Update (9th of May, 2019): This video is dead, and couldn’t find it anywhere online. However I found a transcript.

"Mr. KUCINICH. Madam Speaker, yesterday I began circulating to Members of Congress a letter that would enable Members to be able to sign on to legislation that will be introduced when we return in January that would be aimed at creating a vote in this House on whether or not we keep our troops in Afghanistan and continue operations in Pakistan. This action is being done pursuant to the War Powers Act.

The War Powers Act was passed in 1973, and the intention of it was to claim Congress's constitutional authority under article I, section 8 to be able to take this Nation into war, commit our troops to war, or to continue to stay at war.

Congress cannot remain on the sidelines in this matter. We have the lives of our troops at stake. We have trillions of dollars at stake. Congress must engage in this debate over whether or not to stay at war in Afghanistan and to continue operations in Pakistan.

It's comforting to let the President do everything, but we can't do that, because whether we agree with the President or not, we have a responsibility, a constitutional responsibility, to make a decision on these wars.

Now, some will say the authorization for use of military force dispensed with that. Oh, no, it didn't. A reading of that authorization makes it very clear that it does not supersede the War Powers Act.

And so when I put this resolution to the Congress in January, it will be an automatic mandatory referral to the International Relations Committee. They will have 15 days to report it back to the House, where we can expect a debate. When the bill is introduced, it will be introduced with broad bipartisan support because this is not a Democrat or Republican issue.

We have learned recently that U.S. contractors are paying the Taliban to ensure safe shipment of U.S. goods to U.S. soldiers, who then use those supplies to strengthen their war with the Taliban. We have learned that Blackwater is involved in ``black ops'' in Pakistan working as independent contractors for the purposes of assassination. We cannot let these things happen without Congress being directly involved and taking direct responsibility.

All across this country people are worried about their jobs, their homes, their health care, their investments, their retirement security. Why is it that war becomes the centerpiece of our national experience? Some can say, well, it makes us safer. Oh, has it? Did the invasion of Iraq make us safer? Over 1 million innocent people perished in a war based on a lie; let us never forget that.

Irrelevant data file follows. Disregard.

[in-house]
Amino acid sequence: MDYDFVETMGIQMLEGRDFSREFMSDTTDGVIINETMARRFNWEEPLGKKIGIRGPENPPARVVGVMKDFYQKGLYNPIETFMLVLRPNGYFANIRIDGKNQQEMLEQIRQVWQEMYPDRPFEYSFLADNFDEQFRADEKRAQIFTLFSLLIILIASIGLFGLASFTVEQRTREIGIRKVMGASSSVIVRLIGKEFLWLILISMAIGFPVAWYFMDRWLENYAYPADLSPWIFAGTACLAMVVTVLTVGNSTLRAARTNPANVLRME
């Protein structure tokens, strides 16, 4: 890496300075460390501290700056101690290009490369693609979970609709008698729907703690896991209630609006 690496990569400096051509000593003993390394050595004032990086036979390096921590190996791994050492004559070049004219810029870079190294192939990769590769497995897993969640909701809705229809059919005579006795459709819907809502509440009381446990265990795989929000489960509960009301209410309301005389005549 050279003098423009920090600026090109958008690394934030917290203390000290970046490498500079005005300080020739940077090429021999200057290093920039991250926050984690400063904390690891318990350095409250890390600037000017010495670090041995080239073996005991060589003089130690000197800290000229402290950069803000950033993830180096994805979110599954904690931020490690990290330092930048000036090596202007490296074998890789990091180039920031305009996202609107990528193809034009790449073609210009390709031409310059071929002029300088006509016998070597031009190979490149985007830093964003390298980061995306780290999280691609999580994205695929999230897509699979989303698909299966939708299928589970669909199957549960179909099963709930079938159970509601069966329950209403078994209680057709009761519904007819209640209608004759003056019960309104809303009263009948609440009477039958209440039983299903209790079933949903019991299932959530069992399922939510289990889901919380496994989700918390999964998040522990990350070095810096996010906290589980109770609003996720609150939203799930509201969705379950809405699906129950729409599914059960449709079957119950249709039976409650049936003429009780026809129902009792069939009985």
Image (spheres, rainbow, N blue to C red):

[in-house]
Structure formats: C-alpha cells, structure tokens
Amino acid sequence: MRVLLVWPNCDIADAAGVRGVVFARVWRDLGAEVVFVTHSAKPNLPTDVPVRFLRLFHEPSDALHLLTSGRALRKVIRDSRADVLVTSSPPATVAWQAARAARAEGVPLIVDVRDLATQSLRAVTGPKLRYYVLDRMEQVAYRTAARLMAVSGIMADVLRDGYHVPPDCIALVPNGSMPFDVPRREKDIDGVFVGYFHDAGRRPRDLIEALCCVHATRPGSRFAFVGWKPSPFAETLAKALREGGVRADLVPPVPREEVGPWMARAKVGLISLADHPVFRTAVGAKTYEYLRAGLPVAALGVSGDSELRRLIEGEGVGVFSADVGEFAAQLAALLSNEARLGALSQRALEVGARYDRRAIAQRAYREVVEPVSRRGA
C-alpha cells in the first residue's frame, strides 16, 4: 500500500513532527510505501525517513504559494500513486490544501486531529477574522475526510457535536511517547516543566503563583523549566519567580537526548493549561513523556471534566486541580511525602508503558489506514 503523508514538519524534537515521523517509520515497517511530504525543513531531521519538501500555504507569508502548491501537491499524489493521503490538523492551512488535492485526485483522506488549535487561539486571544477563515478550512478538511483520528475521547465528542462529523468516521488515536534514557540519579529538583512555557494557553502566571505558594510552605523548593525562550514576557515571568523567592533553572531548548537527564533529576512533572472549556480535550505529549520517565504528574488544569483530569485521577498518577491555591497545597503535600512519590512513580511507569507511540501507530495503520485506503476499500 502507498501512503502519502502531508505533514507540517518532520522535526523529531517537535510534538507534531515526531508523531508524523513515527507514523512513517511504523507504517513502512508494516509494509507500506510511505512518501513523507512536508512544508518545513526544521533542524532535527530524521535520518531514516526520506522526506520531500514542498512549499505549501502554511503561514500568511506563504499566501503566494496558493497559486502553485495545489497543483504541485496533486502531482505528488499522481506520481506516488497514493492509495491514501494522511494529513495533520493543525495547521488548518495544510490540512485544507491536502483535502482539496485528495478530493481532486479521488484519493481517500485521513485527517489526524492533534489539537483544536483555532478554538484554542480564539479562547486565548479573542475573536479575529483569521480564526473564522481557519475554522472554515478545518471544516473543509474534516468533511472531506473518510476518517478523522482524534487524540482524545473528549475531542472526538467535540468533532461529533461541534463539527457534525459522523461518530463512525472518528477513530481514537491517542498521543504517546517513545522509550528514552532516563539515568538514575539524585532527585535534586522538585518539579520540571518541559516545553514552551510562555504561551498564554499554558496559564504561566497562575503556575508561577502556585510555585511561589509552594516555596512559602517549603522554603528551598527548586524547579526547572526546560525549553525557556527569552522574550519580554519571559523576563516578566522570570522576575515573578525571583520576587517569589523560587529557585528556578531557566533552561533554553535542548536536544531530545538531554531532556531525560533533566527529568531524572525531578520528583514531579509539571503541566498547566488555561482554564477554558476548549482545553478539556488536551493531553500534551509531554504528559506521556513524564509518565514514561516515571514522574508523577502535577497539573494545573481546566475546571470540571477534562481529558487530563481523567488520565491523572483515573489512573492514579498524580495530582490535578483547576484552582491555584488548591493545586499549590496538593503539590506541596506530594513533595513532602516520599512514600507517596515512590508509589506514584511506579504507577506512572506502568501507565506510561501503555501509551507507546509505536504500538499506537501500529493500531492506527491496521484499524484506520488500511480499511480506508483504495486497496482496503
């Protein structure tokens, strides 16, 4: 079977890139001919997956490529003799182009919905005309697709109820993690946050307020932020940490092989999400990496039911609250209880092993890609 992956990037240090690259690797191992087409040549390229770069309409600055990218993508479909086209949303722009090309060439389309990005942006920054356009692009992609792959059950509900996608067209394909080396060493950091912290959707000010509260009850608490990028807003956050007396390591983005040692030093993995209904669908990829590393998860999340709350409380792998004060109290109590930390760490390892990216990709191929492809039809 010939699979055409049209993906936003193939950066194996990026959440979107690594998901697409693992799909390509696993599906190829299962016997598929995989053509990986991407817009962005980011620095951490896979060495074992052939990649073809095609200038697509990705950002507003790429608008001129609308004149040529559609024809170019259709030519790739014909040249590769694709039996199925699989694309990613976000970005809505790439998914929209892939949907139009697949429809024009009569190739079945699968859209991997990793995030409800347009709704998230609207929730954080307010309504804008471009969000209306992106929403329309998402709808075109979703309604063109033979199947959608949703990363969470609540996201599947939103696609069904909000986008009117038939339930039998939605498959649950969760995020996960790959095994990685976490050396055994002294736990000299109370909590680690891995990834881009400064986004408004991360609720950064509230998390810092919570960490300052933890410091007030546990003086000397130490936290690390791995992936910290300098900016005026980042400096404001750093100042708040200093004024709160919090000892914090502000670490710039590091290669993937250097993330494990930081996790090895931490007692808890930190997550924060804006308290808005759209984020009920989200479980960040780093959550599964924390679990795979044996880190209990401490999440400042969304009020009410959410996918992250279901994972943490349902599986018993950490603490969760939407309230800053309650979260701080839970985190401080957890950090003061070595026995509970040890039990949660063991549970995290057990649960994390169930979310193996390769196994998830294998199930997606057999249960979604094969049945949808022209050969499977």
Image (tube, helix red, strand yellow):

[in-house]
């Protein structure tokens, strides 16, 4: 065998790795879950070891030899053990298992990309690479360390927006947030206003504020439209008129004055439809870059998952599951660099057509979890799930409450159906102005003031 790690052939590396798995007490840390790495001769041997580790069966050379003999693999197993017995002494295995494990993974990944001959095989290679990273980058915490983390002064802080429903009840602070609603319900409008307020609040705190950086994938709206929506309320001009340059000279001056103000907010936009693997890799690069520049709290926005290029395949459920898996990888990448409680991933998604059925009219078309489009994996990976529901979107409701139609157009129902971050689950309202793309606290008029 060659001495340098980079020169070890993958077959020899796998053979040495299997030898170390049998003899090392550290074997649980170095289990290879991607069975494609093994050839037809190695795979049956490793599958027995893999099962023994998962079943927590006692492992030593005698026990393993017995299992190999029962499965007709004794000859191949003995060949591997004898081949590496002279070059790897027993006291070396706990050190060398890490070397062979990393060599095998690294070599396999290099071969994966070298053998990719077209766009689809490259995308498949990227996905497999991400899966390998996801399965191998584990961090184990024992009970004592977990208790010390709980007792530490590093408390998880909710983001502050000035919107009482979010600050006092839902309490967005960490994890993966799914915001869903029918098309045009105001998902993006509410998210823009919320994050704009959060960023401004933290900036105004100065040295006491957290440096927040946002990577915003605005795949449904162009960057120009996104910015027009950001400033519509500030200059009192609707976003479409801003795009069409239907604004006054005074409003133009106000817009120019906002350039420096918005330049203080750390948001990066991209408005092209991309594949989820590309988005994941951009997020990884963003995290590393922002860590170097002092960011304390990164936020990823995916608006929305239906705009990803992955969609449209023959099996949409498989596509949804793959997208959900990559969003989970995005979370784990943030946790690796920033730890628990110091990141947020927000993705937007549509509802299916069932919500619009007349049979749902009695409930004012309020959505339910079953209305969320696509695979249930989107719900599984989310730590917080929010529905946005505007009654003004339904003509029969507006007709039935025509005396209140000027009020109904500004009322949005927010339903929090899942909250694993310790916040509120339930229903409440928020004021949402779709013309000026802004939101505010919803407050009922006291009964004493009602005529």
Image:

The policies of unilateralism preempted at first strike were a dead-end. And for those who say war is inevitable, I say you're dead wrong. Peace is inevitable if you tell the truth. Peace is inevitable if you're ready to confront the difficulties of diplomacy.

We have a right to defend ourselves, and I stand upon that right. I voted for this country to defend itself in those days in September of 2001. But we can never mistake defense for offense. We can never claim the right to aggress against another nation in the name of trying to make us safer because all we do is create more enemies. Occupations fuel insurgencies. If you want peace, you work for peace. If you want war, you create war, but we can never claim that war is peace. It's not. It often is a path to more war.

The Constitution, when it was written, our Founders were very clear they didn't want an imperial government, they wanted to make sure the dog of war was chained. And the way to do it, they put that decision in the hands of the Congress. This is about our Constitution, our Constitution, which I always carry a copy of. This Constitution requires us to take a stand and to have a vote. And in January, we will have a vote whether to remain in Afghanistan and continue operations in Pakistan."